We often interact with God the way the Levantines interacted with their idols. We don’t believe God is favorably disposed towards us, we think we need to purchase his favor through prayer, fasting, giving money or making vows. How many people have prayed, “God, if you will only heal ______, I’ll… serve you forever, give up smoking, move to Africa, etc.” We think that God doesn’t like us, that he is uninterested in and unmoved by our pain. We think we need to bait him to action by offering him something we know he wants but we don’t really want to give. We think this has to be a zero sum transaction, his action for our suffering. This is not the God of the Bible.

 First of all, you can’t offer God anything he doesn’t already rightfully possess, so the whole idea of offering him a sacrifice is silly, especially if you are a Christian. You are not your own, you were bought with the blood of Jesus. God owns you – to protest to the contrary is to acknowledge that you weren’t really saved to begin with.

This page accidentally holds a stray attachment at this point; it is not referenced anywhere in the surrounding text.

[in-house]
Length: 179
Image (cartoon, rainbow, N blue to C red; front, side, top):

Secondly, God is not distant from, disgusted with, or uninterested in your problems. He likes you. God has called you his friend (John 15:15). He isn’t “up there” in heaven too busy to notice you until you make a ruckus, he is with you in the thick of your mess. He wants to comfort you, counsel you and be there for you. When you pray, you don’t have to try to get his attention, you already have it

 You don’t have to bargain with God and there is no way to manipulate him into doing what you want. One way to think of Baalism is as witchcraft, finding the right sequence of words and sacrifices needed to produce a specific result, almost like a vending machine. Baalism, witchcraft, seeks to control God by putting his power under our control to serve our own ends. Good luck with that. 

 God works through mystery, not magic. God heals something one way, then another. We can’t formulate practices based on what Jesus or the Apostles did, because it was different every time. Spitting in the dirt and applying mud to someone’s eyes worked once, but there is no guarantee it will work again. You will just make them dirty if you think the mud was a magic recipe for success. God is the one in control and he does whatever he pleases. We don’t control him, but we are allowed to partner with him. Just like Jesus, we too can learn to hear his voice and be sensitive to his Spirit. Then we can do and say what we see him doing and saying.